In his final year at Oakland University, Robert Fink received a message from half a century ago.
Fink, a professor in the Department of Counseling and clinical psychologist, received a telegram on Jan. 2. The message was sent on May 2, 1969, one day after Fink moved out of Ann Arbor according to the Washington Post column by John Kelly.
Fink’s telegram reads: “Sorry we cannot be there to applaud when you get your diploma, but our hearts and best wishes are with you. Love, Dr. and Mrs. Fischman.”
“The Fischmans were the parents of a childhood friend of mine, and they were casual friends of my parents,” Fink said. “We lived in the same neighborhood in Buffalo, New York, through my sophomore year in high school. And then the Fischmans moved out to the suburbs, and while I still was friendly with their son Arnie, I did not have the same level of contact with them after that.”
To Fink, the fact that they even sent the telegram was a surprise.
“It is not like [the Fischmans] were real close friends of my family or that Arnie and I were still the closest of friends,” Fink said.
According to Sam Srauy, assistant professor of communication, the telegram was quite impractical by the late ’60s.
“By the 1960s, telephones had reached saturation,” Srauy said. “They were in most people’s homes, you would see them out as payphones.”
This proliferation of phones makes it hard for Srauy to see why someone would want to use a telegram once telephones became popular. Fink, however, has an idea why.
“Telegrams were an important kind of communication then,” Fink said. “Partly because there was no internet, but also because long distance phone calls were quite expensive. Unlike now where you pay a flat fee for your phone service and can make unlimited calls… then, you paid by the minute for a long distance phone call—it was an extra charge.”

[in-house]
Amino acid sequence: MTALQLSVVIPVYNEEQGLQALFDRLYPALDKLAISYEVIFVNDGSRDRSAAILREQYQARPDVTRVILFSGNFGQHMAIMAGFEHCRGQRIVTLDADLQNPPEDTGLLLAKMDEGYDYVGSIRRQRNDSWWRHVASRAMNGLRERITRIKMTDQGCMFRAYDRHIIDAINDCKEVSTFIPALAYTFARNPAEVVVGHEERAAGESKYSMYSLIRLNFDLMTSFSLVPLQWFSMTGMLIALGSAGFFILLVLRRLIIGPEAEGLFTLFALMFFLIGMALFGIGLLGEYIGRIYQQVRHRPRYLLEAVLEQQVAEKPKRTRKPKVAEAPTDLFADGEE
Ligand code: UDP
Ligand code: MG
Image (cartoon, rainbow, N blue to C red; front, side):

Though telegrams were not cheap either, this particular telegram is the only one Fink knows about being sent to his family.
“To send a telegram took some effort,” Fink said. “Most people when they sent a telegram had to go to a Western Union office.”
A telegram would have also made sense for the Fischmans because of how relatively fast telegrams were—or at least were supposed to be.
“Obviously I do not know what was exactly in their minds,” Fink said, “but right around May 1 and 2, they wanted to communicate with me and may have been aware at this point I had actually graduated.”
Fink has been in academia for 45 years now, going from his original bachelor’s in history and literature to a Ph.D in psychology. But months away from retirement from the field, a connection to the happy days of graduation came into his life.
As for the Fischmans, who are now deceased, Fink has some delayed thanks to give.
“I was very touched that they had thought about me and thought about my graduation as an achievement,” he said. “I regret that I did not know while Dr. and Mrs. Fischman were still alive so I could have told them I was appreciative.”
Fink is currently trying to get in contact with Arnie Fischman, hoping to share the story of the telegram with him.